The Essar Oil scrip has surged 30 per cent in the past five trading sessions, outperforming the S&P BSE Sensex, which has rallied three per cent. News reports surrounding a possible stake sale by promoters to Russian oil and gas major Rosneft is a key reason behind this rally. The company’s plan to scale up its retail fuel outlets is another. Even as the management remains non-committal on the former, analysts are not ruling out the possibility of talks being held. Promoters are reportedly looking to sell a 49 per cent stake in Essar Oil to Rosneft for Rs 10,500 crore. The stock rallied on the hope that on completion of this deal, Essar Oil's debt burden (Rs 25,000 crore) will abate. However, analysts believe Essar Oil's promoters will retain a large part of the deal proceeds and, hence, Essar Oil's balance sheet will continue to be stressed. It is not yet clear whether promoters will end up selling their existing holding or Essar Oil will issue fresh shares or a mix of both. In case of the latter two routes, there could a reduction in debt of Essar Oil. The Essar Oil management has been looking at various monetisation options for their stake in the company, for sometime now.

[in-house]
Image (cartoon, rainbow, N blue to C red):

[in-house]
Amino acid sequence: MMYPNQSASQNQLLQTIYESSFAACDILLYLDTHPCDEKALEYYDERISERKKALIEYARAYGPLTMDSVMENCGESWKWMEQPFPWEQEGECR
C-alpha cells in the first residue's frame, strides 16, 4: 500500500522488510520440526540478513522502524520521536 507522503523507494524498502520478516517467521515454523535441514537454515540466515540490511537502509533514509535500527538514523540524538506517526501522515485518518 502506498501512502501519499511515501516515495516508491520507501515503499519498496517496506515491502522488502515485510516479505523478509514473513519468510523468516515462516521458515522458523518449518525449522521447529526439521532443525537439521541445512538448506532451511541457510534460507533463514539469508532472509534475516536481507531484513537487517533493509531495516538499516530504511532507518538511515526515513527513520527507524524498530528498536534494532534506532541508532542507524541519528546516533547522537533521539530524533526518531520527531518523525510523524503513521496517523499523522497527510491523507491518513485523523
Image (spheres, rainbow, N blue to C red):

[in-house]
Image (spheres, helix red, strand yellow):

It had tried to de-list Essar Oil in June 2014 but was unsuccessful due to muted response from minority shareholders and a revision in de-listing norms. After the rally, the company/promoters are likely to receive a better price for their stake now, believe analysts. Interestingly, Essar Oil is the only viable refining and marketing company for foreign companies looking to enter India. This is because most other players have government ownership and other private players such as Reliance Industries are well funded. Essar Oil plans to increase its fuel retail outlets from 1,500 to 5,000. The expansion will make the company the largest private fuel retailer in India and could push its market share from one-to-two per cent (versus 0.5 per cent for RIL) to around 10 per cent. Public sector oil marketing companies together have about 50,000 fuel retail outlets nationwide at present, and dominate the market. While Essar Oil's gross refining margins (GRMs) are likely to remain strong, higher interest costs will eat away a large part of these gains. “Our analysis suggests that even the level of $9.5 a barrel will be barely enough to report $3-a-barrel of net profit (average profit after tax over the past 10 quarters at negative $0.1 a barrel). In the past six quarters, we have seen Ebitda/barrel consistently fall short of the depreciation and interest burden when GRM has been less than $7.5; while the negotiations to reduce the interest burden are encouraging, we remain concerned about near-term ability of Essar to report material earnings upsides", writes Probal Sen of IDFC Securities in a recent report on the company. The stock currently trades at 4.1 times FY16 estimated book value and seems to adequately capture the positives. Due to lack of earnings triggers, high debt and corporate governance issues, most analysts remain bearish on the scrip.